A joint statement today from G-7 Finance Ministers and Central Bank Governors following their meeting notes that the recent financial market turbulence, high oil prices, and weakness in the US housing sector will likely moderate the fifth year of robust global economic growth – but that the overall economic fundamentals continue to be strong. Emerging markets, they say, provide critical impetus to the strength of the world economy.

To ensure a sound, transparent, and comprehensive framework, the G-7 has asked the Financial Stability Forum (FSF) to analyze the underlying causes of the recent market turbulence and offer proposals in the areas of liquidity and risk management; accounting and valuation of financial derivatives; role, methodologies and use of credit rating agencies in structured finance; and basic supervisory principles of prudential oversight, including the treatment of off-balance sheet vehicles.

Noting that cross-border, market-based investment is a major contributor to robust global growth, the G-7 agreed that Sovereign Wealth Funds (SWFs) are increasingly important participants in the international financial system. *”We see merit in identifying best practices for SWFs in such areas as institutional structure, risk management, transparency and accountability.”*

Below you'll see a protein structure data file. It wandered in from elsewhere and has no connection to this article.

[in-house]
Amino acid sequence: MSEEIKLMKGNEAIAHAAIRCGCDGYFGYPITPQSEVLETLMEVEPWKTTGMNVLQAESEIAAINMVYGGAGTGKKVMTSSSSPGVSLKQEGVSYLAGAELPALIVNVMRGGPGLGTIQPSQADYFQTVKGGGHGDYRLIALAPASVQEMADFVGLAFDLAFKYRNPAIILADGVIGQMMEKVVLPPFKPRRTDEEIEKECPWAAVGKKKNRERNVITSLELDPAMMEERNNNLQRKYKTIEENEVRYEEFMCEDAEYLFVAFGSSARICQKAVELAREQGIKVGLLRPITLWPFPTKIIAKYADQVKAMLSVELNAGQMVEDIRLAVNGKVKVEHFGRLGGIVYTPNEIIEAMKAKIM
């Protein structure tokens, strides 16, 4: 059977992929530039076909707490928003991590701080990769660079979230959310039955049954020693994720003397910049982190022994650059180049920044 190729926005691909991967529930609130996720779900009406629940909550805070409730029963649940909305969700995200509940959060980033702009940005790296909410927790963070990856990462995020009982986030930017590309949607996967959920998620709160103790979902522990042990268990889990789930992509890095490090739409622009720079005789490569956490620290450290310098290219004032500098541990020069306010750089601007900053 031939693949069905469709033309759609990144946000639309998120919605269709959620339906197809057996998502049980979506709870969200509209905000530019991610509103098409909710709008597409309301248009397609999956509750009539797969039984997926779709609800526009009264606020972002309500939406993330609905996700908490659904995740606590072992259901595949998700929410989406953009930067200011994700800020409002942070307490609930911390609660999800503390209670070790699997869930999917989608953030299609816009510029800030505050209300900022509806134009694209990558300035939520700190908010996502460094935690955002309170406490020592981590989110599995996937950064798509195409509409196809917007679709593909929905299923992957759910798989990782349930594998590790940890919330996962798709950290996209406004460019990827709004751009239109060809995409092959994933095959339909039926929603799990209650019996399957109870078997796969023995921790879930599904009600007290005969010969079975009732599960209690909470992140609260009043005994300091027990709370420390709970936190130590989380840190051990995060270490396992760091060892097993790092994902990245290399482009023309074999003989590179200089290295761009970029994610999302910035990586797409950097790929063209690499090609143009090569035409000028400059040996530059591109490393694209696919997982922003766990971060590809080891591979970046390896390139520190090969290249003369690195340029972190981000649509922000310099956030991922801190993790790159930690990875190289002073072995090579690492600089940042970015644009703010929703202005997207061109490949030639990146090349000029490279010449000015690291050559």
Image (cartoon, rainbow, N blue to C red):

In addition to economic growth, to which the group remains committed, other matters discussed included the progress made in implementing the FSF recommendations on Highly Leveraged Institutions. *”In this context, we welcome the work undertaken by private sector representatives in the United Kingdom and the United States to develop strengthened best practices.”* the concluding statement said.

Also discussed was World Bank and IMF reform. The former included a report from World Bank President Zoellick on a plan for ensuring the Bank successfully meets its evolving challenges in promoting economic growth and poverty; and the latter the decision to modernize the Fund’s framework for surveillance.


The G7 affirmed its commitment to fighting money laundering, terrorist financing and other illicit financing involving similar risks to financial markets. It commended the Financial Action Task Force (FATF) for its ongoing work and deepening its dialogue with the private sector, and it called upon the IMF and World Bank to continue their close cooperation with the FATF. *” We urge the FATF to collaborate intensively with jurisdictions that have failed to recognize international standards. We look forward to meeting with other FATF Ministers next Spring to refresh the mandate of the FATF.”*

The FATF was commended, too, for taking steps to protect the international financial system from the various money laundering and terrorist financing risks related to Iran.